I was super excited to receive a copy of After the Lights Go Out by Lili Wilkinson, as it looked like a YA read that was a little bit different to the other YA books on offer lately. Also, it’s based in Australia, and I always love reading a book set in my homeland ♥
Seventeen-year-old Pru Palmer lives with her twin sisters, Grace and Blythe, and their father, Rick, on the outskirts of an isolated mining community. The Palmers are doomsday preppers. They have a bunker filled with non-perishable food and a year’s worth of water. Each of the girls has a ‘bug out bag’, packed with water purification tablets, protein bars, paracord bracelets and EpiPens for Pru’s anaphylaxis.
One day while Rick is at the mine, the power goes out. At the Palmers’ house, and in the town. No one knows why. All communication is cut. It doesn’t take long for everything to unravel. In town, supplies run out and people get desperate. The sisters decide to keep their bunker a secret. The world is different; the rules are different. Survival is everything, and family comes first.
So yep, this story is about a prepper family and the kind of twisted way their Dad’s paranoia about impending Doomsday-like events affects his 3 daughters. Like I said, it’s something a little different 😉
I have to say, I really enjoyed this book. The characters were sweet, and complicated, and genuinely 3-dimensional which I really respect in a genre where it can be easy to fall into using trope-y cliched character types. When disaster hits, Pru constantly seems to question her Dad’s mantra of ‘Family comes first’ after seeing how the town bands together. Torn between two mindsets, we get to see Pru’s internal battle of what to do – and it lets you wonder what you’d do in the same circumstances – when you’ve been brought up to so firmly believe people would act a certain way when disaster hit, only to have your community’s actions completely fly in the face of it.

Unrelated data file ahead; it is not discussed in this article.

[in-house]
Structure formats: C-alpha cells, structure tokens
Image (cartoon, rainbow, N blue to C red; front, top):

Similarly, the twins (Grace and Blythe) have their quirks and twists of personality that you wouldn’t necessarily expect from the first few chapters. Even Mateo seems to grow and change through the book. Basically, what I’m trying to say is, Wilkinson’s characterisation and the way she lets her characters adapt and change was really refreshing to read.
The story itself is also engaging, with a plot that keeps you turning those pages (I think I finished this book in like, 2-3 days, which I haven’t done for a while!). It’s not only what happens that keeps you wanting more, but also the way it happens and how well written the whole novel is, I just wanted to devour it all.
But don’t let me sway you – I highly recommend you give it a read yourself!
Rating: Contemporary YA fans will almost definitely love this book, and those who enjoy contemporary fiction generally I’d say would also enjoy this read as a lighter, faster read. I recommend trying it!
I’d love to know your thoughts if you have read this book! Or, let me know if it sounds interesting to you and you might give it a read 😊
Until next time,
Thank you to Allen and Unwin for providing me with a copy of this novel in exchange for an honest review.
*valid at time of posting